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Monday, April 3, 2017

It's Rice who uncovered the covered

The lady who brought us the scoop on Benghazi, informing us the attack of the American compound was caused by a video, and that Bowe Bergdahl "served with honor and distinction" in the Army, is now the focus of the ongoing investigation into Russia's involvement with the 2016 election, and the unmasking of names of Americans caught up in NSA surveillance. 

That lady is Susan Rice.

It wasn't a video that started the terrorist attack and Bergdahl is currently facing court martial charges of desertion and misbehavior before the enemy for allegedly walking off his post in Afghanistan and being a traitorous pus biscuit.

Rice, the former national security adviser (which, when you think of it, is an oxymoron) under then-President Obama, was the person who requested to unmask the names of the Trump transition officials in the surveillance. She denied this last month in an interview.

The unmasked names made the rounds: to all at the Defense Department, former Director of National Intelligence James Clapper, former CIA Director John Brennan, and former Rice deputy Ben Rhodes.

It's even possible some of the names were placed on milk cartons to be distributed across the nation, but we're still checking on that.

The names were ostensibly part of incidental electronic surveillance of then-candidate and President-elect Trump and those close to him, including family members. This began up to a year before he took office.

White House Press Secretary and butt of SNL jokes, Sean Spicer, was asked about the revelations at the Monday press briefing but declined to comment on the role Rice may have played or what her motives might be.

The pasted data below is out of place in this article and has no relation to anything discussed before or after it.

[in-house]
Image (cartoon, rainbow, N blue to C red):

"I'm not going to comment on this any further until [congressional] committees have come to a conclusion," Spicer said. He made note of how the media doesn't appear interested in the Rice revelation as much as it is with the possible Trump-Putin links.

Names in this situation are supposed to be masked (redacted from reports) whether it's international or domestic collection. The only time it can be unmasked is when it's an issue of national security, crime, or if the security of the individual whose name was unmasked  is in any danger. There are loopholes and names can be unmasked through backchannels, but Americans are supposed to be protected from incidental collection, and Mike Flynn, for example, was unmasked and illegally revealed to the public. 

Last month, in a TV interview with Dr. Evelyn Farkus (whose brother Marcus Farkus runs a Marcus Farcus focus group) said in part: "I was urging my former colleagues and, frankly speaking, the people on the Hill--it was more actually aimed at telling the Hill people, get as much information as you can, get as much intelligence as you can, before President Obama leaves the administration." 

Perhaps it was no coincidence that just as Obama and his crew left office, he approved new rules giving the NSA much broader powers by relaxing the rules about sharing intercepted personal communications and the ability to share the communications with 16 (!) other intelligence agencies. 

This makes it even harder to determine who in any intelligence agency is leaking things illegally. 

Think of it as Obama-style camouflage.